# Maddenation

## The Puzzle Instinct

I have been reading the book *The Puzzle Instinct*, by Marcel Danesi, which was a birthday gift from my childhood friend, Kaz. He knew that, no matter how many puzzle books I have or have read, that another one would still be welcome. Here are some tidbits.

I learned that Fibonacci’s real name was Leonardo Pisano, and that Fibonacci is an acronym for figlio Bonacci, “son of the Bonacci family.” (He also sometimes called himself Bigollo, which means “bungling traveler.” The Fibonacci series originated as the solution to his “Rabbit Puzzle,” which asked how many pairs of rabbits are produced from a single pair if each pair reproduces every month and new pairs are fertile from the second month on. The monthly totals form the Fibonacci series we all know so well. (1,1,2,3,5,8,13…)

One new Fibonacci fact I learned from Danesi is that, if the nth number in the sequence is x, then every nth number after x is a multiple of x! For example, the 3rd number is 2, and every third number after 2 is a multiple of 2 (8, 34, 144,…). Check it our for other numbers.

Even more amazing is a surprising relationship to magic squares. Magic squares are arrangements of numbers in a square pattern in which all the rows, columns, and diagonals add up to the same number. The simplest is the 3×3 pattern shown below:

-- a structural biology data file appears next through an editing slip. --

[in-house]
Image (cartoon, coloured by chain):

8 1 6

3 5 7

4 9 2

If one substitutes for these numbers the corresponding Fibonacci number, a new “magic square” is produced in which the sum of the products of of the three rows is equal to the sum of the products of the three columns! OK, well, maybe that’s not too amazing. But you can check it out for yourself.

I can’t quit before I present one more problem from the book. This one is a favorite of mine that dates back to the fifteenth century and was first penned by Nicolas Chuquet.

*You have two jars that will hold 5 and 3 pints respectively, neither jar being marked in any way. How can you measure exactly 4 pints from a cask with an unspecified quantity of liquid in it, given that you are allowed to pour liquid back into the cask?*

## Comments

Dan • 02/01/04 • 12:11 AM:Oh, come on, Dad! Haven’t you seen Die Hard III: With a Vengeance? (Bruce Willis and Samuel L. Jackson have to do this problem in order to keep a briefcase from exploding in a NYC park.)

Fill the 3pint. Dump it into the 5pint. Fill the 3pint again. Dump 2 of the 3pint into the 5pint. You have 1 in the 3pint now. Empty the 5pint. Pour the 1 from the 3pint into the 5pint. Fill the 3pint. Dump it into the 5pint (already containing 1).

Dad • 02/01/04 • 12:09 PM:Nice going, Dan. You took 8 steps. I can do it in 7.

Dan • 02/01/04 • 12:18 PM:Oh.

Fill the 5pint. Pour it into the 3pint (2 in the 5pint). Empty the 3pint. Put the 2 in the 3pint. Fill the 5pint. Pour 1 of the 5pint into the 3. You have 4 in the 5pint.

## Post a comment

Thanks for signing in, . Now you can comment. (sign out)

Please capitalize your name properly and use the same information each time you comment. We will not send you spam, and your email address will not be posted.